CMN Weekly (25 June 2021)
By: Gorm Palmgren - Jun. 25, 2021
- A new alternative to canonical CRISPR-knockout (KO) screens relies on cytosine base editing rather than Cas9-induced DNA double-strand breaks. The new method works by perturbing gene start codons or splice sites or introducing premature termination codons.
- Researchers at Integrated DNA Technologies and Editas Medicine have engineered an enhanced version of AsCas12a, called AsCas12a Ultra. AsCas12a Ultra was designed to have >90% editing efficiency in clinically relevant cells and genes, and it also demonstrated high transgene knock-in efficiencies of up to 60%.
- High editing and homology-directed repair (HDR) efficiencies are obtained with a new delivery system using dendrimer-based lipid nanoparticles (dLNPs). Each dLNP contain Cas9 mRNA, single-guide RNA, and donor DNA, and the weight ratios of the three nucleic acids are systematically optimised to increase efficiency.
- DNAzymes only cut single-stranded DNA, but a new method, PANDA, uses peptide nucleic acid (PNA) to enable nicking or cause double-strand breaks on double-stranded DNA. PANDA is programmable and is both much smaller and has a higher sequence fidelity compared with CRISPR-Cas.
- Editas has started to enrol the first of two planned pediatric cohorts in the Phase 1/2 BRILLIANCE clinical trial of EDIT-101. EDIT-101 is intended to treat people with the blindness disease Leber Congenital Amaurosis (LCA) by editing inherited mutations in the CEP290 gene.
- Sherlock Biosciences and the 221b Foundation will increase the manufacturing capacity of the CRISPR-based COVID-19 diagnostic kit SHERLOCK to 10 million tests per month by year-end. The new agreements will enable manufacturing and global distribution in the U.S., United Arab Emirates, India and Singapore.
- A new company - not yet named - has been established to use CRISPR to develop allogeneic universal CAR T-cell Therapies for immuno-oncology and autoimmune diseases. The new company is launched by a partnership with Blackstone Life Sciences, Intellia Therapeutics and Cellex Cell Professionals and has reached a $250 million financing.
- QIAGEN has launched a series of dedicated CRISPR products for rapid and simplified analysis of gene-editing experiments. The QIAprep& CRISPR Kit and the CRISPR Q-Primer Solutions combine liquid-based sample preparation with downstream PCR detection and Sanger DNA sequencing for characterisation of knock-ins and knock-outs.
- ERASE is a new customised CRISPR lateral flow strip for use in a simple, rapid, ultrasensitive, and highly specific assay for SARS-CoV-2 detection. ERASE can detect down to 1 copy/μL with 90.7% positive predictive agreement and 99.2% negative predictive agreement.
- A review looks at the various methods for using CRISPR-Cas13-based platforms for COVID-19 diagnostics. Detailed and illustrated descriptions of assays like SHERLOCK, SHINE and CREST are given as well as a discussion of challenges and opportunities of point-of-care testing by CRISPR-Cas13 sensors.
- The diversification of the CRISPR toolbox is the subject of a review that explores the broad range of CRISPR applications. Among the applications beyond gene editing, the review mentions controlling gene expression, imaging and diagnostics, and it also takes a look at methods to perform quality control of primary outcomes.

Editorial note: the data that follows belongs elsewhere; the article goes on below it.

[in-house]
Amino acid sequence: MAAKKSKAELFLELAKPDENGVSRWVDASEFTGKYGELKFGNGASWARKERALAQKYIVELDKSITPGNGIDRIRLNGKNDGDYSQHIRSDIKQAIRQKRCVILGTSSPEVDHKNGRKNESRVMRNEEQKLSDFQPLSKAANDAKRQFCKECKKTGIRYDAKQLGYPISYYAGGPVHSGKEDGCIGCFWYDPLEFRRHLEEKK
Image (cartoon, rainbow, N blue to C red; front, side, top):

- A review looks at the advantages and disadvantages of various strategies for achieving spatiotemporal control of CRISPR-Cas9 activity. The methods include cell-specific promoters, small-molecule activation and inhibition, bioresponsive delivery carriers, and optical/thermal/ultrasonic/magnetic activation.
- A guest editorial in the CRISPR Journal gives a brief overview of the CRISPR adventures in China. The editorial is part of a special ‘‘CRISPR in China’’ issue of the CRISPR Journal.
- The challenges and opportunities of CRISPR-based molecular biosensing is the subject of a review. The review focuses upon future advancements required to enable rapid, simple, sensitive, specific, multiplexed, amplification-free, and shelf-stable CRISPR-based molecular biosensors.
- "When is it Safe to Edit the Human Germline" is the title of a philosophical study by Janella Baxter, a PhD in philosophy. Baxter sets off with Jiankui He's two CRISPR babies and argues that the recent policy proposals to regulate human germline gene editing are inadequate.
Videos and tidbits
- Get to know the basics of CRISPR in this five-minute video by Scientific American.
- BioPharma Dive has selected eight clinical trials to watch for in 2021. One of them includes using CRISPR, namely Intellia Therapeutics and Vertex's treatment for transthyretin amyloidosis, while another uses gene therapy to treat Huntington's disease.
Heh, huh, wow
- CRISPR-Act3.0 is a new robust CRISPR activation system for simultaneous activation of multiple genes in plants, namely rice, Arabidopsis and tomato. CRISPR-Act3.0 is based on dCas9 and a sgRNA scaffold that includes several MS2 RNA aptamers that can bind multiple VP64-activators. Up to seven genes could be detected simultaneously, and activation was fourfold to sixfold higher than other state-of-the-art systems.
- The first CRISPR-Cas9-based gene drive system has been developed for plants. The method enables the transmission of targeted traits from a single parent in subsequent generations and allows for fast breeding of homozygous F1 crops.
Transfusion Dependent Beta-Thalassaemia, TDT, (NCT04925206)
EdiGene (GuangZhou) Inc.
EdiGene (GuangZhou) Inc.
Multiple myeloma, MM (NCT04960579)
Poseida Therapeutics, Inc.
Poseida Therapeutics, Inc.
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Acute Myeloid Leukemia, AML, (NCT04849910)